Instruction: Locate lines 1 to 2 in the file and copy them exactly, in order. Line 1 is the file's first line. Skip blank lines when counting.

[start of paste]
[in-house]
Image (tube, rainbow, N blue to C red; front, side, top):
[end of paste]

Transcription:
[in-house]
Image (tube, rainbow, N blue to C red; front, side, top):